It certainly energized Romney who followed up his announcement Saturday by speaking with more passion than I can remember him showing. Clearly, the two men like each other; they are on the same page and enjoy campaigning together, firing up the crowds and being fired up by them.
Republican Gov. Bob McDonnell set the stage for the crowd at Norfolk when he said of President Obama’s failure to right the economy, promote job creation and cut the national debt: “If you walk into an employer and you’ve got that kind of record, there’s only two words that come to mind: you’re fired!” The polls reflect Obama’s problem: his disapproval rate – 50 percent in Gallup’s poll and 54 percent in Rasmussen’s.
Romney’s selection of Ryan was seen as a bold move that sets up a clear choice for voters. The New York Times said: “The decision instantly made the campaign seem bigger and more consequential, with the size and role of the federal government squarely at the center of the debate …. For Mr. Romney, the decision is one of the boldest moves of his presidential candidacy, which has been guided by a do-no-harm strategy. It promised to energize conservatives….”
The Washington Post said: “A Romney-Ryan ticket will help to clarify the choices for voters in November. Rarely have the two parties presented such a stark contrast in visions as now appears to be the case. Those competing visions could produce, after a summer of often small-minded tactics, the kind of big debate about the country’s future that both Obama and Romney have said this campaign should be about.”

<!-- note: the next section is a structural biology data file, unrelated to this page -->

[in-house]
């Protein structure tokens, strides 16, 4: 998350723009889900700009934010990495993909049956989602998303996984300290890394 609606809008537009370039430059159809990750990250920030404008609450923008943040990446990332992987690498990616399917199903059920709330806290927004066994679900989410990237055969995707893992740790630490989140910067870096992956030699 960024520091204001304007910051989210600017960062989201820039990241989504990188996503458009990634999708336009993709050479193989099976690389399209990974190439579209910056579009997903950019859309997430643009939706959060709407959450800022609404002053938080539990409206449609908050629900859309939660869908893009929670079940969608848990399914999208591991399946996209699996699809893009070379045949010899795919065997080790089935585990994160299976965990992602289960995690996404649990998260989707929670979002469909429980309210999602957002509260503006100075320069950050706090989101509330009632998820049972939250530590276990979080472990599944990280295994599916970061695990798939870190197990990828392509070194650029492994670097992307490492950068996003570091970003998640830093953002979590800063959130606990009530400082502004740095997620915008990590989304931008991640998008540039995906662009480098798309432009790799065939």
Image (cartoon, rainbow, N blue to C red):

The Washington Times: “Mitt Romney has proved everyone wrong. The common wisdom was the presumptive Republican nominee for president was going to make a safe pick, going with an old Washington hand from an important swing state for vice president. By tapping 42-year-old Rep. Paul Ryan from Wisconsin, Mr. Romney shows that he is taking the fight into blue states deep in the heart of territory Barak Obama won four years ago. This is the strategy of a winner.” The Times added: “Choosing Mr. Ryan….telegraphs one message about the autumn campaign loud and clear to President Obama: it is about the economy stupid, and you won’t be able to hide from the issues.”
The biggest challenge for the GOP ticket will be explaining Ryan’s budget plan that would change Medicare a decade in the future. It would not affect anyone 55 or older but in 2022 people turning 65 would go on a voucher system with an estimated $15,000 a year to help buy health insurance from private insurers instead of relying on Medicare. Medicaid would be converted into federal grants to states for indigent health care. That triggers the old “Medi-scare” tactics.
Ryan said in Norfolk, “We won’t duck tough issues.”
This presidential campaign is going to be a real shootout.